Ann. Limnol. - Int. J. Lim.
Volume 55, 2019
|Number of page(s)||7|
|Published online||11 October 2019|
Slow degradation of compostable plastic carrier bags in a stream and its riparian area
EcoLab, Université de Toulouse, CNRS, INP, UPS, 118 route de Narbonne, Bât 4R1, Toulouse 31062, France
* Corresponding author: email@example.com
Accepted: 30 August 2019
There is no place on Earth where plastic debris could not be found. Impacts of plastics on aesthetics, biota and ecosystems are dependent on how long plastic items last, and what degradation products are released, in recipient environments. As bio-based plastics tend to replace petroleum-based plastics in everyday life, it is important to upgrade knowledge on the degradation of new polymers in natural environments. Single-use plastic carrier bags are nowadays made of bio-plastics certified as biodegradable and compostable. It is unclear, however, whether claims of biodegradability and compostability can be taken as evidence of rapid degradation of plastic bags outside recycling/composting facilities. This study sought to provide quantified information about the degradation of compostable plastic carrier bags in streams and riparian zones. We found that plastic samples enclosed in different types of mesh bags lost weight at extremely slow rates, albeit significant when submerged in a stream. 95% of initial plastic mass remained after 77 days spent in water whereas alder leaf litter allowed to decompose under the same condition had completely disappeared before the end of the study. Determination of respiration rate and invertebrate abundance in plastic samples showed a greater decomposer activity in the stream than in the riparian environment. However, biotically-mediated degradation by decomposers was probably overridden by dissolution processes in mediating plastic mass loss. Our findings suggest that mismanaged plastic carrier bags could impact recipient ecosystems even when they are claimed as biodegradable or compostable.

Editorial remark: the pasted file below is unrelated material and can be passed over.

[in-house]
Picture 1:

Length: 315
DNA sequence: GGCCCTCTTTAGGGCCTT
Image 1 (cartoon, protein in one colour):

Key words: Biodegradable plastics / plastic degradation / aquatic ecosystems / litter decomposition / shredders
© M. Artru and A. Lecerf, published by EDP Sciences, 2019
This is an Open Access article distributed under the terms of the Creative Commons Attribution License (http://creativecommons.org/licenses/by/4.0), which permits unrestricted use, distribution, and reproduction in any medium, provided the original work is properly cited.
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